Jupp on becoming Truss PPS: “I wanted it to work. Unfortunately, it didn’t.”

Now he’s flip flopped back to Sunak.

PS PPS, fantasy economics were never going to work.

Simon do you possess any “nouse” at all? – Owl

Conservative MP for East Devon Simon Jupp, whose constituency includes Sidmouth, has backed former chancellor Rishi Sunak to become the next prime minister.

sidmouth.nub.news 

However, it is not yet certain at the time of writing whether Mr Sunak will enter the leadership race.

Mr Jupp also supported Sunak earlier this year in the Tory leadership contest to replace Boris Johnson.

It comes after the resignation of Prime Minister Liz Truss yesterday (Thursday 20 October), which the East Devon MP described as “the right and honourable step given the situation”.

Jupp had also accepted a position in the Department for Levelling Up, Housing and Communities as a parliamentary private secretary before Ms Truss’ resignation.

Simon Jupp MP said: “I accepted a position in government because I wanted it to work. Unfortunately, it didn’t.

“Rishi Sunak has already set out his stall to the nation. He’s got the experience needed to lead the nation and the knowledge to restore economic credibility.

“I’m backing Rishi Sunak for PM.”

Candidates who want to put themselves forward in the leadership race to become the next prime minister must get the support of at least 100 MPs by 2pm on Monday 24 October.

 

More on: it could get worse

Conservative leadership hopefuls are hitting the phones this morning in a desperate bid to secure the 100 nominations needed for a shot at replacing Liz Truss as prime minister. But the all-too-real prospect of Boris Johnson making a jaw-dropping return to Downing Street has unnerved scores of MPs and left the party teetering on the brink of a historic split. The disgraced/much-missed (delete as appropriate) former PM was neck and neck with Sunak on nominations last night, prompting some critical MPs to threaten an immediate revolt if he regains the keys to No. 10. The drama is only just beginning, and as a Gen-Z knucklehead might put it: this lightspeed leadership race is going to be *fire*. 

From Politico Newsletter

East Devon has a ‘secret airport’ very few people know about

Guess what, it never had planning permission! – Owl

Everyone knows about Exeter Airport, and Devon also has airfields at Branscombe and Dunkeswell Airport. But Devon has a ‘secret’ airport that very few people know about.

Daniel Clark www.devonlive.com

Farway Common Airfield was established 36 years ago and it was originally operated under the ’28 day rule’. The Airfield consists of two runways, but despite being an ‘airport’ for the last 36 years, technically the site doesn’t have planning permission.

However, for over 20 years, the airfield has operated significantly in excess of 28 days, and has always been available 365 days a year to both resident and visiting aircraft, had the details of the airfield published specifically to assist in the conduct of safe and considerate flying, and had aircraft owned and operated by the owner of Moorlands Farm, just outside Sidbury in East Devon.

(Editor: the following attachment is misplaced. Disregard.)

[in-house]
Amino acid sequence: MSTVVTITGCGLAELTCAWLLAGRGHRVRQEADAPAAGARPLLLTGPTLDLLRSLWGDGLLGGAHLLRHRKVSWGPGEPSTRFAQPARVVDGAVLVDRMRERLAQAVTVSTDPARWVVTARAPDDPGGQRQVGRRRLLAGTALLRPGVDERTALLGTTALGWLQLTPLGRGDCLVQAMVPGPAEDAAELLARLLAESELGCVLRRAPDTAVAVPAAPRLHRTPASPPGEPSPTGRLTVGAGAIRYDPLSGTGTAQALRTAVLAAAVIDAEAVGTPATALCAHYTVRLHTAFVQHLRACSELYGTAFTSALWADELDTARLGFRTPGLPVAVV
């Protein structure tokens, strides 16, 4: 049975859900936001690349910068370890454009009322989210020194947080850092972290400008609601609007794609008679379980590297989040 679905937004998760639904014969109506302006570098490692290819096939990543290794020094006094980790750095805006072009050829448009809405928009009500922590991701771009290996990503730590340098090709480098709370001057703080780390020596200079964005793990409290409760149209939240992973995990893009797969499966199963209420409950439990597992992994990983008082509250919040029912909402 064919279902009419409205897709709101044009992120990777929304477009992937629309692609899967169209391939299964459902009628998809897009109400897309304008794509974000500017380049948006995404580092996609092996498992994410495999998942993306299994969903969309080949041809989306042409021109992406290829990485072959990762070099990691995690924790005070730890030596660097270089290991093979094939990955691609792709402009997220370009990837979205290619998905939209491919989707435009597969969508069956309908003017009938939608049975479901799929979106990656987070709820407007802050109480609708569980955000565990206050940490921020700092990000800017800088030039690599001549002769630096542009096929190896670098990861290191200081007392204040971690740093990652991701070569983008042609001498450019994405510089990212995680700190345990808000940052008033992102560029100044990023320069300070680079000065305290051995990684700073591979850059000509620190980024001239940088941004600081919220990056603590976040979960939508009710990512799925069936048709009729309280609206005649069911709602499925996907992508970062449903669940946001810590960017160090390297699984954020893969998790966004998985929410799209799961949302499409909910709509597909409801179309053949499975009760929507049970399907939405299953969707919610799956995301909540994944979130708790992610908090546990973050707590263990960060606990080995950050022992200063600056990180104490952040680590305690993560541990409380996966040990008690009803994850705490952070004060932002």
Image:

The new owner of the land has now applied for a Certificate of lawful development for the 30 acres used as an aerodrome. This involves taking off, landing and manoeuvring of aeroplanes on the ground, and would allow operation 365 days per year – and regularising the use that currently takes place.

The Town & Country Planning Act 1990: Section 191 as amended by section 10 of the Planning & Compensation Act 1991 states that the local authority has a period of up to 10 years to take enforcement action against breaches of planning control. After the time limit has passed, the development becomes lawful, in terms of planning.

In the statement with the application, the applicant, James Hortop, states: “The airfield is used by both aircraft based on site and those visiting. This has occurred for more than 28 days per year continuously for over 20 years. The airfield has been available to aircraft 365 days per year to both based and visiting aircraft during this time.

“The hangar and outside parking areas are used by aircraft for both short and long term storage. These uses have been continuous since the establishment of the airfield 36 years ago.

“A flying school, of which employment and a commercial business depends is based at Farway Common Airfield. This use has been established for over 10 years. Slots for lessons are available 365 days per year as training has to coincide with different types of weather conditions and student/instructor availability.”

Farway Common Airfield

It adds: “James Hortop, the owner of Moorlands Farm/Farway Common Airfield also bases his aircraft in the hangar. His locally based business supports the UK emergency services and defence industry. He uses his aircraft for a regular commuting to offices on the Isle of Wight, Poole and Manchester; the aircraft is also used for travelling to business meetings around the UK and Europe. James’ business is dependent on his ability to quickly and effectively get to sites to meet urgent customer requirements.